Major Essay: What drives you? What are you passionate about?
Early in the summer, my Naniji (meaning 'maternal grandmother') was teaching me
about Indian culture, particularly cooking and reading Hindi. Today, in her
feisty style, she was showing me how to make paneer, an Indian delicacy. Not
letting me touch the pot she was stirring, she impatiently explained the
'the milk has to be heated to exactly the right temperature or else the paneer
will be loose. After it has heated, add lime juice to the milk.' Paneer is a
soft, cheese-like white substance so laborious to make that it is only served on
certain Indian holidays or for special company.
When Naniji at last consented, I excitedly added a drop of juice to the nascent
paneer, carefully observing the tiny havoc it caused. A small, yellowish drop of
lime juice tumbled into the milk, causing the milk to part around the juice and
become strangely stringy. The word for this process -- coagulation - popped into
my mind. I liked the funny-sounding word in chemistry class, and felt a
linguistic familiarity with it because I could discern its etymology: 'cogo',
from Latin, meaning 'to do or to drive'.
'That makes sense,' I thought, 'because coagulation could be the process of
driving solute together.' As I added more juice, I looked carefully at the
developing paneer and began to wonder what was driving the milk together.
Thinking back to biology and chemistry, I quickly figured it out: protein from
the milk emulsion was clumping together because it had been denatured! The lime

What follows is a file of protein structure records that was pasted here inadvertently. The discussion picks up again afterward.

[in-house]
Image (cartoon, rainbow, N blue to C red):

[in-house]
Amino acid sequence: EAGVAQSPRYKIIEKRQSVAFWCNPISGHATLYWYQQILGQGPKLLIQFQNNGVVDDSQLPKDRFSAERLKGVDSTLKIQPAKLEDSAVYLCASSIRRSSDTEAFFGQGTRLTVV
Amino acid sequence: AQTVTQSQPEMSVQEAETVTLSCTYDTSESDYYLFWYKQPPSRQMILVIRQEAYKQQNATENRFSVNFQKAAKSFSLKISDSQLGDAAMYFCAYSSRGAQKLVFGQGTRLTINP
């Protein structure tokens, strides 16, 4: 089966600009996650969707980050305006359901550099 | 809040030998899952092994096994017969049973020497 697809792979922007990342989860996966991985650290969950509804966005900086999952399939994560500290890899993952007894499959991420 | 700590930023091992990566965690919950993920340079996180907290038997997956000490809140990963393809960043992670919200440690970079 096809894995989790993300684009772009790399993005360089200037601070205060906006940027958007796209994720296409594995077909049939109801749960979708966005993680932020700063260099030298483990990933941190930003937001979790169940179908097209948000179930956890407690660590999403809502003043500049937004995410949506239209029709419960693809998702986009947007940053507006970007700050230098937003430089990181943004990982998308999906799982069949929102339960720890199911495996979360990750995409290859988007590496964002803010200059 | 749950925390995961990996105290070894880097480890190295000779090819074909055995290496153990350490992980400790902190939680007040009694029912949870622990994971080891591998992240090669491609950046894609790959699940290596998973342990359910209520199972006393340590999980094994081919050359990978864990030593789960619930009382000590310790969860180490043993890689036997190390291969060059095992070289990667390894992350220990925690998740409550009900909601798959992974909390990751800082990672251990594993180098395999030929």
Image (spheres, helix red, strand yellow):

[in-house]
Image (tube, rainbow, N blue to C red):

juice had a low pH, which denatured, or reshaped, the proteins by altering
charges on the polypeptide chain, causing the proteins to stick together! That's
why I can make paneer!
In a flash, I had figured it all out. Why the process worked, where its name
came from, and how things would look at the molecular level. I also realized
something else entirely: how much I love science, especially when applied. I
such an inner satisfaction that moment I figured out why my drops of lime juice
could so dramatically transform the milk into paneer. I wanted to feel the same
thrill again and test whether I really was passionate about science. I enrolled
in multiple higher-level classes, and since then, I have felt the same
discovering why only half of medicine synthesized is useful, identifying unknown
mixtures in lab, and proving Newton's laws of motion.
Much of my zeal for science stems from its human aspect, whether that is
coagulation from pH change in the context of Indian cooking and culture, or
global-level problem solving, like dealing with an epidemic. Science not only
excites and satisfies the inquisitive child in me, but it also connects me to
environmental problems, people, and even my heritage. Feeling all of my
- curiosity leading to understanding, cultures and people, and the possibility
for a positive contribution - is why I see my future in search of the truth that
only science provides me.